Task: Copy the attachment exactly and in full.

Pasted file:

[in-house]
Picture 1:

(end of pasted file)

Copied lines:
[in-house]
Picture 1: